LAS VEGAS >> Officials in Las Vegas approved an ordinance change today to require homeowners to remain at their property whenever they choose to rent it out for brief periods, including through home-sharing platforms like Airbnb.
The change to short-term rental properties only applies to residential homes, not to apartments in high-rise buildings. It is the latest effort from the Las Vegas City Council to crack down on an industry that has raised safety, noise and other concerns among residents and officials.
The approval came after dozens of short-term rental operators, their supporters and critics spoke before council members. Those against the measure spoke about property rights and the economic benefits of the rental properties, while those in favor brought up their effect on affordable housing options and safety problems.
The new requirement calls on the homeowner to be at the property throughout the rental period, except to go to work or run typical personal or household errands.
Mayor Carolyn Goodman during the discussion pointed out that some of the troubled short-term rental properties are owned by people who do not live in the city or southern Nevada and neglect to monitor those who rent it.
“This is a beginning, this is not a fight, but it is a protection of the rights of anybody who calls Las Vegas, the city of Las Vegas, home,” she said explaining her vote in favor of the measure.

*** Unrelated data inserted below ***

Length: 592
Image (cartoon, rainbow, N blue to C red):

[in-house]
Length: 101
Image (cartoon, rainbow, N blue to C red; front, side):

Short-term rental properties are already required to obtain a license, be 660 feet away from each other and not have more than three bedrooms. Properties already licensed won’t be affected by the change that will go into effect next week.
Las Vegas drew 42.2 million visitors last year. Unincorporated Clark County, which includes properties near the Las Vegas Strip, does not allow short-term rentals in residential areas.
Figures released by Airbnb in January show that 500,000 people stayed at properties in Las Vegas rented through the platform in 2017. The company reported Las Vegas hosts’ income at $63 million that ‘same year.
“While cities around the world are embracing the economic benefits of short-term rentals, the City Council has doubled-down on onerous regulations, and added further restrictions,” the company said in a statement. “This vote is a disappointing blow to Las Vegas hosts who rely on short-term rentals to support their families and will hurt the local economy.”